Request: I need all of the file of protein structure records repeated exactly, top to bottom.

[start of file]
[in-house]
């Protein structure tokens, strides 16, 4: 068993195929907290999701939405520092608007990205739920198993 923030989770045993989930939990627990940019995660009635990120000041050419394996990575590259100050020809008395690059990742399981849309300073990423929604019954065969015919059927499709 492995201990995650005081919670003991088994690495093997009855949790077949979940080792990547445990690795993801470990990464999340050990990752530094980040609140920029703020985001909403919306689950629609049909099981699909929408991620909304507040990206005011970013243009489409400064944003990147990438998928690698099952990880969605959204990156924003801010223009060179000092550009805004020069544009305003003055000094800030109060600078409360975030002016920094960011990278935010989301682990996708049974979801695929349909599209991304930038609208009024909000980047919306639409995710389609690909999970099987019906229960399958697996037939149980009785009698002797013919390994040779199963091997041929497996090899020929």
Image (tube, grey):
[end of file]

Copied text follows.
[in-house]
């Protein structure tokens, strides 16, 4: 068993195929907290999701939405520092608007990205739920198993 923030989770045993989930939990627990940019995660009635990120000041050419394996990575590259100050020809008395690059990742399981849309300073990423929604019954065969015919059927499709 492995201990995650005081919670003991088994690495093997009855949790077949979940080792990547445990690795993801470990990464999340050990990752530094980040609140920029703020985001909403919306689950629609049909099981699909929408991620909304507040990206005011970013243009489409400064944003990147990438998928690698099952990880969605959204990156924003801010223009060179000092550009805004020069544009305003003055000094800030109060600078409360975030002016920094960011990278935010989301682990996708049974979801695929349909599209991304930038609208009024909000980047919306639409995710389609690909999970099987019906229960399958697996037939149980009785009698002797013919390994040779199963091997041929497996090899020929």
Image (tube, grey):